The Nintendo 64 version features 14 single-player levels, as well as multiplayer mode with 4-player support and AI bots. Multiplayer arenas can be unlocked by completing single-player levels within a time limit. Several multiplayer characters are available to choose from, including an MI6 agent, M, Robinson, and Moneypenny. Some characters' health are based on their popularity, or how they are portrayed in the movie. For example, Oddjob's health is 250, while Max Zorin's is at 200. Jaws has the most health, with 300. Like GoldenEye 007, there are three difficulty levels for single-player mode: Agent, Secret Agent, and 00 Agent, with 00 Agent being the hardest. The game supports the Rumble Pak controller accessory, as well as the Expansion Pak, in which a new video mode called "Hi-Color" is available in the options menu.
The PlayStation version only features 11 single-player levels with two levels of difficulty and does not have a multiplayer mode. The PlayStation version contains full motion video cutscenes from the film before a level starts and when a level is passed, which the Game Boy and Nintendo 64 versions lack due to cartridge size.
The Game Boy Color version is played from a third-person top-down perspective, and contains eight levels. The game includes a password feature, but lacks voiceover acting.
The World Is Not Enough had very different review scores depending on console, with the N64 being considered to be the best of the adaptation. Many praised the graphics and controls of the game. Review aggregator website GameRankings and Metacritic gave the Nintendo 64 version 81.03% and 81/100, the PlayStation version 68.25% and 61/100 and the Game Boy Color version 40.00%.
The Cincinnati Enquirer called the Nintendo 64 version superior to the PlayStation version because of its level designs, weapons, smarter artificial intelligence, and multiplayer options. IGN enjoyed the Nintendo 64 version for its graphics, gameplay, and voice acting, but was disappointed by the lack of the James Bond theme song, and felt that the multiplayer mode could have been better. GameSpot criticized the Nintendo 64 version for the "artificial ignorance" of its enemies, as well as the limited intelligence of multiplayer bots and limited weapon options. However, GameSpot offered praise for the game's graphics and sound, as well as the large number of multiplayer levels and modes. Game Revolution also enjoyed the graphics and sound effects, but felt that some of the game's multiplayer modes, such as "Capture the Flag", were not "necessarily worth playing" due to the game only allowing four players at a time. GamePro also praised the game's graphics, multiplayer modes, and varied gameplay.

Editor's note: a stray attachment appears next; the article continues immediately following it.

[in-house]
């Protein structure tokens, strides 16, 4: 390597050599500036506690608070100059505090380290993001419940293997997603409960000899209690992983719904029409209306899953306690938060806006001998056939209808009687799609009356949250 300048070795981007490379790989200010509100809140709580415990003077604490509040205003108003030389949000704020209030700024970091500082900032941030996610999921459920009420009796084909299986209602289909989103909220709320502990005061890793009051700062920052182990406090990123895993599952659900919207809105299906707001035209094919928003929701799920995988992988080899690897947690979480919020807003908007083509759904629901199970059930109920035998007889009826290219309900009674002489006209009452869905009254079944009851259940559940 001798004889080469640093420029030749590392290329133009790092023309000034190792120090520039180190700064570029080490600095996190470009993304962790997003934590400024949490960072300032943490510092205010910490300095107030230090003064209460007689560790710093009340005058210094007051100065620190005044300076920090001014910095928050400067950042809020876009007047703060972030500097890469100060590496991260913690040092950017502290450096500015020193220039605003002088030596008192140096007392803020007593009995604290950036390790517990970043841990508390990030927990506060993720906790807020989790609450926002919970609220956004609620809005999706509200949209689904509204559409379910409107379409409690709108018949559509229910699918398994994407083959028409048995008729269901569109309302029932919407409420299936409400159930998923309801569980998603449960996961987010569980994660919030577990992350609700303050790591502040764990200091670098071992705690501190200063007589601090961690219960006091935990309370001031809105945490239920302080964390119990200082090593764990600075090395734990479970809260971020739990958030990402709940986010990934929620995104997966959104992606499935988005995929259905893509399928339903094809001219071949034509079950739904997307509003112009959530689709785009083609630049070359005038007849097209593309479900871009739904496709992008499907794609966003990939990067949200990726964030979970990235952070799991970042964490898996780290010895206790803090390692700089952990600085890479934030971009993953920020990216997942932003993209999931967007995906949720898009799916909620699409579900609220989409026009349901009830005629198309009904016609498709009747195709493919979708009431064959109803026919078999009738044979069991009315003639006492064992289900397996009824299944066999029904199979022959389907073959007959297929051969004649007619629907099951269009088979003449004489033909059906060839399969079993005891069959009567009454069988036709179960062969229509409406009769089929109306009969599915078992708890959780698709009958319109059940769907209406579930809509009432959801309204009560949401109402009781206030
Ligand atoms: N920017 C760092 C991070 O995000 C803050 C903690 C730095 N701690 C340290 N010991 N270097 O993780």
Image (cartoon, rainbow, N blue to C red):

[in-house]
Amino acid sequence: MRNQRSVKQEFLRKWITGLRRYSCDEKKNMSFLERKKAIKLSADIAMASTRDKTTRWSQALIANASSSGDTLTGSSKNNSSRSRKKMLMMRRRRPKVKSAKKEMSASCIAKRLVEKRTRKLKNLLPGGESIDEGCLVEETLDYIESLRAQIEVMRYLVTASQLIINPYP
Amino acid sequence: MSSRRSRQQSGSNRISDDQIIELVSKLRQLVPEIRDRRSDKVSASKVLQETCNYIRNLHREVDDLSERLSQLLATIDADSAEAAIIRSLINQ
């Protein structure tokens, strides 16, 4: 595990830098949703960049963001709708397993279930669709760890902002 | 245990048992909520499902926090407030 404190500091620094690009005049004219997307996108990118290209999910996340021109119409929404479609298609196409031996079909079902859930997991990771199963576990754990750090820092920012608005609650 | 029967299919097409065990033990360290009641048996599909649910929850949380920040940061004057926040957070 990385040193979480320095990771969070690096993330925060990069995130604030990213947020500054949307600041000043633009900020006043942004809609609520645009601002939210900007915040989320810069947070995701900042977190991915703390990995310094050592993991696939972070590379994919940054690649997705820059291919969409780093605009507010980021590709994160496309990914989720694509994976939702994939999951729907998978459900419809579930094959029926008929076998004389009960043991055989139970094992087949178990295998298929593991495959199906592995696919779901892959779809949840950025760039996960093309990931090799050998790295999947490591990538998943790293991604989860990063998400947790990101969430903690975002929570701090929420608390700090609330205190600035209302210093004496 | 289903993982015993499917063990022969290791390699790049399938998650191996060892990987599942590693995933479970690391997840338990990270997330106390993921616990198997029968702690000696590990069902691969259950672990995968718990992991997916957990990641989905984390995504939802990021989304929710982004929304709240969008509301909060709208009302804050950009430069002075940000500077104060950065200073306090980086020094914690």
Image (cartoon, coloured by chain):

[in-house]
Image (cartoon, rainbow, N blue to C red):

Reviewing the PlayStation version, GameSpot was critical of the game for reused gameplay ideas, and noted that some of the game's gadgets are "used for such petty purposes that they simply drag the game down." GameSpot also found the lack of multiplayer "inexcusable", and criticized the game's repetitive use of the James Bond theme song, as well as its graphics and AI. IGN praised the PlayStation version for its large number of gadgets, but criticized it for a lack of multiplayer, overuse of the James Bond theme song, some bad voice-over work, and "absolutely horrible character animations." Game Revolution also criticized the game's AI, as well as its voice acting, but enjoyed the game's music and graphics. GameZone praised the PlayStation version for its smooth gameplay, vocal characterizations, and interactive environments.
AllGame praised the Game Boy version for its diverse level designs and its soundtrack, but noted the game's difficulty.